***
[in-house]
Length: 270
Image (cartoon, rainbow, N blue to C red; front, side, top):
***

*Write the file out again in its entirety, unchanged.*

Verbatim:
[in-house]
Length: 270
Image (cartoon, rainbow, N blue to C red; front, side, top):